© 2021 Tabitha Birdwell

Protecting our Oceans from Inland

For my summer fellowship, I am working with the Inland Ocean Coalition (IOC) to develop their Watershed Health Program. As an education and policy-focused advocacy platform, IOC works to build land-to-sea stewardship within inland communities across the nation, showing how they too have a voice in the health and protection of our oceans. The development of the Watershed Health Program will start with projects to create educational content for the public about the importance of watershed health and the implications of poorly protected water resources. The program will then show the public how they can protect their local and national watersheds by participating in creek cleanups and speaking with their representatives to ensure their watersheds’ interests are protected and represented.

The program will take those same approaches to public engagement and direct them towards farmers and ranchers in a sub-program called “Ocean-Friendly Farming” (OFF). OFF will educate landowners on and encourage their application of science-supported land practices that protect watersheds and oceans from the pollution and erosion consequences of traditional farming and ranching practices while increasing their profits. OFF will be more than an education platform; it will also be an inclusive and engaged community for landowners embracing ocean-friendly land practices (e.g., regenerative agriculture), an information center for the public about the agricultural impacts on our oceans’ health, and a policy ally for farmers dedicated to reforming the Farm Bill.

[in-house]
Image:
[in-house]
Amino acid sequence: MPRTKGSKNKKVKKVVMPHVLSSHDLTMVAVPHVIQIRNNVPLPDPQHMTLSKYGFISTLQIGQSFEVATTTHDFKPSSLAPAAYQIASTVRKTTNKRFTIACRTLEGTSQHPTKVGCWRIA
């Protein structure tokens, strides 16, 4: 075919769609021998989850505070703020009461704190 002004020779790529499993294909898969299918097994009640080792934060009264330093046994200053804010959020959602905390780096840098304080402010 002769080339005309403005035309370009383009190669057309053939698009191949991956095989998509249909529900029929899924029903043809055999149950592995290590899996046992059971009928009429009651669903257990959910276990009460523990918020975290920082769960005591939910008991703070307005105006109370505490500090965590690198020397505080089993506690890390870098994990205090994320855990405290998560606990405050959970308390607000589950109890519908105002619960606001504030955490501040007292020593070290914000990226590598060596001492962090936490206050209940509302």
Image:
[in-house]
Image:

Practicing what you Preach: Tabitha (far right) hosting an litter cleanup on Bayou Desiard, North Louisiana (2019)

The IOC is committed to creating this program because it sees how protecting our watersheds is one of the first steps to safeguarding our oceans from pollution and preventing the dead zones that have destroyed seafood harvests and coastal ecosystems. So, what I am doing to help develop this program? Everything I can! I have spent the past four weeks reading literature on the best agricultural land practices, interviewing regenerative agricultural farmers, building an educational e-learning course about watersheds for the public, fundraising for creek cleanups, and working with a committee of passionate individuals. IOC has fully embraced me as one of their own and has put much faith in me by allowing me to manage the Watershed Health Committee, lead the discussions and decisions for creating the platforms for the Watershed Health Program and the OFF Program, and by allowing me to take point on researching the 35+ science-based criteria we now have for defining an “Ocean-Friendly Farmer”. 

A long story summed up, my fellowship with IOC has started out great, and I am excited for the weeks ahead! Additionally, the program development, communication, and research skills I am developing will be invaluable to my career, and I am proud of the programs developing alongside them.

Sites DOT MIISThe Middlebury Institute site network.